Thursday, June 12, 2008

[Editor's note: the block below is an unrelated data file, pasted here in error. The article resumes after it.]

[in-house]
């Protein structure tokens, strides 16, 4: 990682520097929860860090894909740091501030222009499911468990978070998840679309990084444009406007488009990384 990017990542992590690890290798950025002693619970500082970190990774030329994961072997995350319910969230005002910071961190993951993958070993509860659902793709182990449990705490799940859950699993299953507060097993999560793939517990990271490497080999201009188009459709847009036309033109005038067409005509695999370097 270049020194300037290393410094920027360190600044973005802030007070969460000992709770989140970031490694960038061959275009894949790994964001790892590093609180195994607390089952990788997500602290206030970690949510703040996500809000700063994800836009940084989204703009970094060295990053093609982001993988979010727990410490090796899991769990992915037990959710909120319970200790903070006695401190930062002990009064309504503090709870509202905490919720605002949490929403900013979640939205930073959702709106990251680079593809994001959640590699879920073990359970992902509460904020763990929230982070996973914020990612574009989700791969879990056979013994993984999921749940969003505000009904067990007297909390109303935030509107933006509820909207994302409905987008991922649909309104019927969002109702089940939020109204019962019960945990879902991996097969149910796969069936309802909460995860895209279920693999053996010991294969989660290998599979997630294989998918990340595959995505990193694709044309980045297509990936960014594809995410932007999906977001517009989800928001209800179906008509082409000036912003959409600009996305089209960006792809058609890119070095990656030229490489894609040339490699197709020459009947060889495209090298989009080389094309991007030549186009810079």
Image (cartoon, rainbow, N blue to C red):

Recently TCM’s been showing a string of films featuring Chinese American actress Anna May Wong – as well as a documentary about her unique life and career. Whether you’re a fan or not, knowing even a little of her story, it’s impossible not to be impressed by the lady’s awesome determination and focus. With so many forces arrayed against her – chiefly, of course the pervasive and unapologetic racial exclusionism of heyday Hollywood – she somehow managed to carve out a film career that stretched from the silents to the 60’s, spanned two continents and even made her famous in China, though she never filmed there. There’s no denying her movies ranged wildly in quality. But Wong often achieved prominent (and sometimes top) billing. People knew who she was. A genuine – albeit marginalized – movie star. The roles she was offered were – more often than not - ciphers or stereotypes. Dragon ladies or doomed butterflies. But she committed to them and consistently elevated the material with her marvelous stillness and intensity. In Sternberg’s SHANGHAI EXPRESS(1932), she holds her own with Dietrich – no mean feat. Marlene’s operating on all cylinders but Wong matches the insolently seductive Dietrich cool with plenty of her own. In retrospect, Anna May Wong’s miracle picture was E.A. Dupont’s PICCADILLY made in Britain in ’29 – and certainly the best British silent I’ve ever seen. Wong has a large supporting part. But it’s the film's key performance - one that lingers in the memory. Intriguing work - nuanced, sympathetic, alluring, dangerous, touching. And the chemistry she creates with (under-rated) leading man Jameson Thomas is really superb. Far beyond anything nominal star Gilda Gray can muster. If the Oscar had introduced its supporting category this early, I’d have unhesitatingly given the trophy to Wong that year. What an amazing alternate universe awards show that would have been!. With Anna May Wong honored for her Shosho and Louise Brooks carrying off the Best Actress trophy as Lulu in "Pandora’s Box". An alluring embarassment of icons. As it was, the supporting category wasn’t around till ’36 and the ’29 Best Actress trophy went to Mary Pickford in "Coquette", surely the worst performance ever to win an Academy Award. But that was then and now is now. Milestone has a lovely print of PICCADILLY available on DVD. Do yourself a favor. Rent or buy it soon. And watch Anna May Wong shimmer.

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